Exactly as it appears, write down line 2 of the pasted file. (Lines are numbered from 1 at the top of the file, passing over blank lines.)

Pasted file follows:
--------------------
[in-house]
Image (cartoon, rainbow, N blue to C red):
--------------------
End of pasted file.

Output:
Image (cartoon, rainbow, N blue to C red):